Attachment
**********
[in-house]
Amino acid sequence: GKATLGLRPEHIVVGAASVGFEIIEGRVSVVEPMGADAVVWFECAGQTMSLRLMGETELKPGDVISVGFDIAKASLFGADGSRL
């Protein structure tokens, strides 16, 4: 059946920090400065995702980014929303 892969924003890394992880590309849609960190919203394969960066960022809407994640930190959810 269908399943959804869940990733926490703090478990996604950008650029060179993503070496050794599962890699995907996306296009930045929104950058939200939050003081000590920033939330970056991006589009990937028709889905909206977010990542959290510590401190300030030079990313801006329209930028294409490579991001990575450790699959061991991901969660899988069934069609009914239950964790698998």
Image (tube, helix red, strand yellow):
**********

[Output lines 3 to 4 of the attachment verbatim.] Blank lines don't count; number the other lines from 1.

């Protein structure tokens, strides 16, 4: 059946920090400065995702980014929303 892969924003890394992880590309849609960190919203394969960066960022809407994640930190959810 269908399943959804869940990733926490703090478990996604950008650029060179993503070496050794599962890699995907996306296009930045929104950058939200939050003081000590920033939330970056991006589009990937028709889905909206977010990542959290510590401190300030030079990313801006329209930028294409490579991001990575450790699959061991991901969660899988069934069609009914239950964790698998």
Image (tube, helix red, strand yellow):